We are still participating in reproductive studies looking at hormones excreted in the bears’ urine and feces, but for the most part we still rely on behavior observations. One of the very interesting behaviors we see is with Chinook. Typically, a week before actual breeding and continuing right up to actual, we see her have seizure-like spasms followed by weakness in her back legs. The spasms last only seconds and the weakness only a few minutes. If you don’t know what these are, they can be very scary to see!

But there is no need to worry: Chinook is not alone with these. Most of the other breeding female polar bears show the same behavior. I have asked polar bear biologists who have spent many years observing bears in the Arctic and have sent them video of the process, and they are mystified as to its purpose. Perhaps it plays some role in preparing a female’s legs to hold the male during breeding, since males are usually twice the size, and she may bear his weight for long moments. In the last week we have seen Chinook have these spasms, and over the last few days they have increased both in frequency and intensity. This should be a sign that we are almost there!

We all know what follows: waiting to see if Chinook becomes pregnant and gives birth. I have been getting lots of experience working with polar bear cubs over the last few years since Kalluk and Tatqiq joined us as cubs in 2001. I have just returned from a second visit with Siku, the polar bear cub born at the Scandinavian Wildlife Park in Denmark. My first visit was to share what we learned in preparing our polar bear youngsters for life in San Diego. Siku still was not yet walking then and was not quite 13 weeks old. On my recent trip, Siku was now 21 weeks and was walking, running, swimming, and being overall an adorable monster!

Since Siku’s mom did not produce milk, the decision was made to hand raise him, which meant having close contact with him (not a problem when his fastest speed was a quick crawl!). He is now rambunctious and, as polar bears need to do, he is jumping, grabbing, and mouthing everything and everyone in sight. Mom polar bears are well equipped to handle this; human caregivers, not so much!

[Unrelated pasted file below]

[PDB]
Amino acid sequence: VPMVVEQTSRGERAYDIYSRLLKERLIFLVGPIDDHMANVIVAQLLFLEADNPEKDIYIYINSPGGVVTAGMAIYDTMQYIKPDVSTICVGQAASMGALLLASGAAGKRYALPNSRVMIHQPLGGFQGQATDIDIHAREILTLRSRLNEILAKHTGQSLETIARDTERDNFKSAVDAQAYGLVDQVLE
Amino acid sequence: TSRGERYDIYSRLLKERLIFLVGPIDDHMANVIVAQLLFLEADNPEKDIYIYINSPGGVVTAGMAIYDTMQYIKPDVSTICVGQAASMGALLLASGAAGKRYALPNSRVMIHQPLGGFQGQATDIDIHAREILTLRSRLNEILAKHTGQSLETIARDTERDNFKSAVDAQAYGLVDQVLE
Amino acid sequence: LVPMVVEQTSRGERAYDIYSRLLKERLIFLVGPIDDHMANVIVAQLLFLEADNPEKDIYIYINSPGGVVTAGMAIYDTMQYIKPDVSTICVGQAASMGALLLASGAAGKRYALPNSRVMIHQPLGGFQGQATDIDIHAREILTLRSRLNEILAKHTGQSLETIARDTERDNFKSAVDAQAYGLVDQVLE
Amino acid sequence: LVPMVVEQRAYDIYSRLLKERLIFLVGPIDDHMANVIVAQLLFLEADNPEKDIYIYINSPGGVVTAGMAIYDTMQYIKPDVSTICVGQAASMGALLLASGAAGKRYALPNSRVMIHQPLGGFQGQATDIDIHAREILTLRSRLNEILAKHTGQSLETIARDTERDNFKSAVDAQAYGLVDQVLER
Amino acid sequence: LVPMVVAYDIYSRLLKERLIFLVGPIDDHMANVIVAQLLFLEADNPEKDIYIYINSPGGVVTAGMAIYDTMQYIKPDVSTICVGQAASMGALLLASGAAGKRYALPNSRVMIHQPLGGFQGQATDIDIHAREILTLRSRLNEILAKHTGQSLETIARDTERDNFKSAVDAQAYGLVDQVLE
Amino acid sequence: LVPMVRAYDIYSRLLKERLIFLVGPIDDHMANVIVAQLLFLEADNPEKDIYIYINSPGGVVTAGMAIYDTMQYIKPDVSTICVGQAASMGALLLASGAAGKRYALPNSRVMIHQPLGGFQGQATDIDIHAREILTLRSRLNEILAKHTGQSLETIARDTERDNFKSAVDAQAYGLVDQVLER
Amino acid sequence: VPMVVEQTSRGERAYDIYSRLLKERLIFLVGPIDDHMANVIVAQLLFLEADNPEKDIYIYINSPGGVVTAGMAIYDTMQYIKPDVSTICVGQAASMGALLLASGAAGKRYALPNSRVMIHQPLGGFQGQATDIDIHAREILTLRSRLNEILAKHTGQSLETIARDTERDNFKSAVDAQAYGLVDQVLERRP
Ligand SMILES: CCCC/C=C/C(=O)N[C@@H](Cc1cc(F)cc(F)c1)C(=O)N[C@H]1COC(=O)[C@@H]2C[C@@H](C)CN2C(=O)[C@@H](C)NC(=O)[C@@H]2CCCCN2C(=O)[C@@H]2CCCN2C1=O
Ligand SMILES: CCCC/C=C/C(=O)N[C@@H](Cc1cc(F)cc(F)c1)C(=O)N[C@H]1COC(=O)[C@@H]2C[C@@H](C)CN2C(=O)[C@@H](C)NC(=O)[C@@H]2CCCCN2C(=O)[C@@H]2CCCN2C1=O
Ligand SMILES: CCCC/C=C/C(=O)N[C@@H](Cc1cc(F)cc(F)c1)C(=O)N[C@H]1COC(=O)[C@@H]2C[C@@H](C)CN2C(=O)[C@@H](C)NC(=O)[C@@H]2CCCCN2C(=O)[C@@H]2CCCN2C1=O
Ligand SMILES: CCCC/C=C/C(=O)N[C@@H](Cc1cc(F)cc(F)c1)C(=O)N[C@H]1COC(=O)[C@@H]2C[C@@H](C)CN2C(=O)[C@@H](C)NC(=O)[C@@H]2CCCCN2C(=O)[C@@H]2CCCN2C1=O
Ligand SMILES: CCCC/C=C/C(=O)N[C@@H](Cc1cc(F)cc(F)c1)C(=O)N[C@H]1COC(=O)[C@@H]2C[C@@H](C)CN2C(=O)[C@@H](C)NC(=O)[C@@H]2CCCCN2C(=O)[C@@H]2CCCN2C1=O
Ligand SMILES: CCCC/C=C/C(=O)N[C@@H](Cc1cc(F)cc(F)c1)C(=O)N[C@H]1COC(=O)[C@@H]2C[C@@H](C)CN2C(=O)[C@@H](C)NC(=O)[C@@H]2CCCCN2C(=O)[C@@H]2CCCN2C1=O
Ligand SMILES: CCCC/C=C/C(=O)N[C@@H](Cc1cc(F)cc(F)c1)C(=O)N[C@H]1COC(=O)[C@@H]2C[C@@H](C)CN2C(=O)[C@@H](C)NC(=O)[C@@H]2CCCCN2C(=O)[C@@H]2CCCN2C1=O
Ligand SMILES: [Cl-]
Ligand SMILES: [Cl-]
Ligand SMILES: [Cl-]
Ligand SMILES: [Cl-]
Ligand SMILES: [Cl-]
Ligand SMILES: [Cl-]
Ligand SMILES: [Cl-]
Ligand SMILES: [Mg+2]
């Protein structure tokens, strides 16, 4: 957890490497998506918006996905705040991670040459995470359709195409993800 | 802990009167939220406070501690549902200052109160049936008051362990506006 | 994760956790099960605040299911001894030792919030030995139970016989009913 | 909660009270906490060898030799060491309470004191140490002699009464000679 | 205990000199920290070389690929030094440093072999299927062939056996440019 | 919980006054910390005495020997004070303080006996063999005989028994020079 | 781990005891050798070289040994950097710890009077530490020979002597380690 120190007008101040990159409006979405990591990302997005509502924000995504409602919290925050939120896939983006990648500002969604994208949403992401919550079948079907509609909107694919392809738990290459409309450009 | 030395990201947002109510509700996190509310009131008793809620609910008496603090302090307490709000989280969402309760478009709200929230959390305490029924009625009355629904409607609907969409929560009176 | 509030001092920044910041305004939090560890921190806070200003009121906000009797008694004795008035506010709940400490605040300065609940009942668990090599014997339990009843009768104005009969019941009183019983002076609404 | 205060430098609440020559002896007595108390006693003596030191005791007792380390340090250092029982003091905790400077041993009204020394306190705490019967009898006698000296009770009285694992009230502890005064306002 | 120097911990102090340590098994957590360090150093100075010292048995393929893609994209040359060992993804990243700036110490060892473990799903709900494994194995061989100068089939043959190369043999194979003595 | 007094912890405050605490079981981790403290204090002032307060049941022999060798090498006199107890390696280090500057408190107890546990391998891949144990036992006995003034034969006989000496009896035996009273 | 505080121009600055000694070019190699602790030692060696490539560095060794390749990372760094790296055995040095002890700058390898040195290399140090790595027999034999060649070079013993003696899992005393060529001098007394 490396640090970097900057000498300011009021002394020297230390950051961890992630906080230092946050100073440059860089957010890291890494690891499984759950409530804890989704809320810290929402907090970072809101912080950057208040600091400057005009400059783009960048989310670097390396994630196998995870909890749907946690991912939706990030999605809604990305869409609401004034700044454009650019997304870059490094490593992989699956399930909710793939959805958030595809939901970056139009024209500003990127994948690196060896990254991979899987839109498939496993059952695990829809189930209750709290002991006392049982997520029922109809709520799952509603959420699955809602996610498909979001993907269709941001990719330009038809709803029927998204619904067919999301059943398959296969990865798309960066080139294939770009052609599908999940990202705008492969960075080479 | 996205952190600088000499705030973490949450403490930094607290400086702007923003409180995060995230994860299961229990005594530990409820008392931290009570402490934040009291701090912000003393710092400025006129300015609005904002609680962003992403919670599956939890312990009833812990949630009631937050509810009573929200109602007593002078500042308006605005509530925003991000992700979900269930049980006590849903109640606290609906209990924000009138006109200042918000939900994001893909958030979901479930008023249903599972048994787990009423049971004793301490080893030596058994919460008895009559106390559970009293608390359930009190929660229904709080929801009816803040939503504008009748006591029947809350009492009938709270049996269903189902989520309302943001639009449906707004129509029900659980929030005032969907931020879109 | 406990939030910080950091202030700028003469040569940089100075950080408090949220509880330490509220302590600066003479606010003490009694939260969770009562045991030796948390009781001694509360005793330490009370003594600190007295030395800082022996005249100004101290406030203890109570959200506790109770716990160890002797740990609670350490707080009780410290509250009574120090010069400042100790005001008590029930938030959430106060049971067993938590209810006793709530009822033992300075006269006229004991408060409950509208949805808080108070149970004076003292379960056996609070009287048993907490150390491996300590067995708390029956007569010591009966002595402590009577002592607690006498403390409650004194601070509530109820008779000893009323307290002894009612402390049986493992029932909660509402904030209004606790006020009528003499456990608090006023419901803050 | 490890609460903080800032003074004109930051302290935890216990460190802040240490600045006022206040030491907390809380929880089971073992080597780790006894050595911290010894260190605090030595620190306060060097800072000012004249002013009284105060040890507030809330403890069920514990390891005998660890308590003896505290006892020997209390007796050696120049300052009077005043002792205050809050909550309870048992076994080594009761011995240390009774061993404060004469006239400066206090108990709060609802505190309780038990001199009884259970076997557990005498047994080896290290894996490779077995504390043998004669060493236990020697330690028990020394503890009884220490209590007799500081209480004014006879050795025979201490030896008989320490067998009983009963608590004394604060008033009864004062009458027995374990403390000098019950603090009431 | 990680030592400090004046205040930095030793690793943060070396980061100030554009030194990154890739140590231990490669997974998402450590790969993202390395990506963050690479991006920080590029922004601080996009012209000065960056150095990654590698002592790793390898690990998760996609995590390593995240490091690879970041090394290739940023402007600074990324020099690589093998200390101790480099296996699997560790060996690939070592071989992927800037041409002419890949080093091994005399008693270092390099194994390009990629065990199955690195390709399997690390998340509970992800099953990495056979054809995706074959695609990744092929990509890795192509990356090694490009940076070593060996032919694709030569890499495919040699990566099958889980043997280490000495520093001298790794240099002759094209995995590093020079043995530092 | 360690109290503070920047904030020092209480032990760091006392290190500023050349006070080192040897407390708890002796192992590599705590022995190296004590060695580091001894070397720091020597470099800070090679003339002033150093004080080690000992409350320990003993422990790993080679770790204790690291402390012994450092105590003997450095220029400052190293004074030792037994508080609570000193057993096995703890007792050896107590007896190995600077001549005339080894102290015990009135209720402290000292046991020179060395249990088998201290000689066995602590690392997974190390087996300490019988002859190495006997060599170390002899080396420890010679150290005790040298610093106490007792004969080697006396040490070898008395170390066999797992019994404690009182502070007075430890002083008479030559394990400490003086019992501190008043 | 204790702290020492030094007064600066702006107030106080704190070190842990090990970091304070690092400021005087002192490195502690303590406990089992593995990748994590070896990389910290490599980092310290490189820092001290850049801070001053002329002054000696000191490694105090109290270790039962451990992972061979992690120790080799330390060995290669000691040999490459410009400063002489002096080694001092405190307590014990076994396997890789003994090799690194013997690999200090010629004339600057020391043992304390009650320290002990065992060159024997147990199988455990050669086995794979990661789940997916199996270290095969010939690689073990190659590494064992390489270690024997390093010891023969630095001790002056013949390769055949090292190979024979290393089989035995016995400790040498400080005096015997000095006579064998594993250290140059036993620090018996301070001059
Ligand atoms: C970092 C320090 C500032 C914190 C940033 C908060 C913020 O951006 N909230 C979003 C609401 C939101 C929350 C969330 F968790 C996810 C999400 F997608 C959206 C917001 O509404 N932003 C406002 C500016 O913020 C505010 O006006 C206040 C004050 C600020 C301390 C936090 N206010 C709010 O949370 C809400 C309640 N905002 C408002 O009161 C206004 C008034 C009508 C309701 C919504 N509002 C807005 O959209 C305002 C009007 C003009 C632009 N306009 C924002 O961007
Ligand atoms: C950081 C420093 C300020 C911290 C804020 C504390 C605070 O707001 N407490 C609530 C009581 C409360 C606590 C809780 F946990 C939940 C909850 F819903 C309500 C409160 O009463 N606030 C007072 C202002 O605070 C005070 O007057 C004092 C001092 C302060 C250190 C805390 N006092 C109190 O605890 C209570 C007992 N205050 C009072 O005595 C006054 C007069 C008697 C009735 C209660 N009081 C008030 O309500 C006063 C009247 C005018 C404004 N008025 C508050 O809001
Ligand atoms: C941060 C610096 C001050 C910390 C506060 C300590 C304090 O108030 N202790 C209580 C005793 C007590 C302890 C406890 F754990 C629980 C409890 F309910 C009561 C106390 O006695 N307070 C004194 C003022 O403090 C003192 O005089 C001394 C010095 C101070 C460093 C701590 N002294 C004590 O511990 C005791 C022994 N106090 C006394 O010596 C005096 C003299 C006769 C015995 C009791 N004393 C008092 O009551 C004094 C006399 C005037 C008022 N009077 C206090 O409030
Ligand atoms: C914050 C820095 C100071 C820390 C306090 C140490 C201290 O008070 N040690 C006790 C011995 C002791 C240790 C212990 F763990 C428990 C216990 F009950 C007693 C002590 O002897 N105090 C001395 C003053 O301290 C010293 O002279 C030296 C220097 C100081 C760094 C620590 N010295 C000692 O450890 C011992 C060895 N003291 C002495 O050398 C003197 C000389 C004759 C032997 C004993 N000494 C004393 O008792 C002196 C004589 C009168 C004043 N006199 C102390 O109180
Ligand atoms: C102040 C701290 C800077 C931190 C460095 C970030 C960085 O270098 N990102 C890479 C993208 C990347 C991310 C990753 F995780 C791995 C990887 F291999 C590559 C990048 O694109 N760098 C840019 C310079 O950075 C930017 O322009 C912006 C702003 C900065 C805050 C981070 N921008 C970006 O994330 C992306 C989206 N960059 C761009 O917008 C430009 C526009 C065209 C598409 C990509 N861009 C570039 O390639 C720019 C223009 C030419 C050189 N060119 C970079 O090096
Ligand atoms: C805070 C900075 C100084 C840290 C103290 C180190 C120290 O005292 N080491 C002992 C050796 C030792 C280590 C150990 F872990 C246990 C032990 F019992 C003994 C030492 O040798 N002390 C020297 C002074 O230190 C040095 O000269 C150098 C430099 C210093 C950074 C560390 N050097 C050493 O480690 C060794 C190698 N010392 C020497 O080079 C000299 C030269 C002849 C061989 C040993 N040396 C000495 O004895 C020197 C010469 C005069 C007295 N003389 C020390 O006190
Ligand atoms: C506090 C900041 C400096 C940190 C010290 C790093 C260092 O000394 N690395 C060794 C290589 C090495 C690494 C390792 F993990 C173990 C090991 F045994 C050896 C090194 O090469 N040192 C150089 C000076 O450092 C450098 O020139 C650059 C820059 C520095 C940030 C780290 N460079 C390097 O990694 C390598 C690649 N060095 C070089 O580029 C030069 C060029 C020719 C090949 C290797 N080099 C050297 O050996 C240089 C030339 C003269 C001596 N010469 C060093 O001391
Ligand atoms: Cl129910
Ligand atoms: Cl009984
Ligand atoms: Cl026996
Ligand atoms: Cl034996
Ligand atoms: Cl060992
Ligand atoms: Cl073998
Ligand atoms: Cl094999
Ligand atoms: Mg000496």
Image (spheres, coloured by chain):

This trip was to help the team in Denmark move ahead with management that increases Siku’s independence and encourages his natural instincts as a polar bear. He did extremely well with every challenge of independence. You can imagine how difficult it is, though, for the team who has been caring for him all these months to see that maybe he didn’t need them as much anymore, or at least not in the same ways. I must say how proud I was to assure them and show them the close ties we have with our three polar bears and how much that strengthens when you’re not worried about when the next play jump comes from a now 60-pound and often wet white ball of teeth and claws! All meant in fun, but still dangerous for fragile humans!

Siku has lots of toys to encourage his natural learning behavior and is getting plenty of opportunities to learn with his training sessions. At 21 weeks, he has already learned several important behaviors from his keepers such as “sit,” “stand,” “down,” “shift,” “come,” and how to sit on a scale.

In choosing his name, thought was given to the chance to represent wild polar bears and the people who share the Arctic. Siku is from the Inuit language for sea ice. Siku will remind everyone that we are losing our arctic ice due to warming trends in our climate.  Science has proven this warming is caused by the increase of carbon emissions in our atmosphere. Siku and our three polar bears, Chinook, Kalluk, and Tatqiq, are ambassadors who remind all of us of their wild cousins and that we must make changes to help save their arctic home.

As you enjoy watching and hearing about these great ice bears, please keep in mind everything you can do to help. Then do it!

JoAnne Simerson is a senior keeper at the San Diego Zoo. Read her previous post, Polar Bears: Back to 3.

UPDATE: Two days after this was written, Kalluk and Chinook began breeding. November 2 is the first possible day of birth if Chinook is pregnant! The waiting begins. . .


Polar Bears: Back to 3

Chinook enjoys some ice time in July.